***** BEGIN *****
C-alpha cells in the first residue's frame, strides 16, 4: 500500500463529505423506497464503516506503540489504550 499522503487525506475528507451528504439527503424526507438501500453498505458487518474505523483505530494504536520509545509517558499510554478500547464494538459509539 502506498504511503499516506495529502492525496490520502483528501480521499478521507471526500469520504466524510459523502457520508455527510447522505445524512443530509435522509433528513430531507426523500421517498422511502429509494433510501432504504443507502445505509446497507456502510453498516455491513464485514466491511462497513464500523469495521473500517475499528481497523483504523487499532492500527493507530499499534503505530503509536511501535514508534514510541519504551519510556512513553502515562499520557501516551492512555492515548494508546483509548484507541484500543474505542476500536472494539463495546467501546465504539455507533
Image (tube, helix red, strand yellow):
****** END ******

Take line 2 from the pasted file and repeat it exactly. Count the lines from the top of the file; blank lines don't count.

Image (tube, helix red, strand yellow):